The founder of the popular Telegram messaging platform has publicly criticized Apple in response to a recent New York Times article about Apple’s relationship with China. Pavel Durov made the comments in a public Telegram channel this week, saying that Apple hardware feels like it’s from the “Middle Ages” and is “appreciated by the Communist Party of China.”
The comments were first spotted by Android Central. Durov wrote in the post that every time he has to use an iPhone it is like being “thrown back into the Middle Ages,” apparently because the iPhone does not use a 120Hz display.
“Apple is very efficient at pursuing their business model, which is based on selling overpriced, obsolete hardware to customers locked in their ecosystem,” he wrote. “Every time I have to use an iPhone to test our iOS app I feel like I’m thrown back into the Middle Ages. The iPhone’s 60Hz displays can’t compete with the 120Hz displays of modern Android phones that support much smoother animations.”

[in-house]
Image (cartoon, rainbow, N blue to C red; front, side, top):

These hardware limitations, however, are not the worst part about the Apple experience, according to Durov.
Durov added that the worst part about Apple’s technology is not “clunkier devices or outdated hardware,” but that users who have an iPhone are a “digital slave of Apple.”
”You are only allowed to use apps that Apple lets you install via their App Store, and you can only use Apple’s iCloud to natively back up your data,” he said.
“It’s no wonder that Apple’s totalitarian approach is so appreciated by the Communist Party of China, which – thanks to Apple – now has complete control over the apps and data of all of its citizens who rely on iPhones.”
Other than the piece in the New York Times, it’s unclear what exactly prompted Durov’s public rant against Apple. In January, Apple was hit with a lawsuit by the Coalition fro a Safer Web over hosting Telegram in the App Store. Telegram also filed an antitrust complaint against Apple last year.
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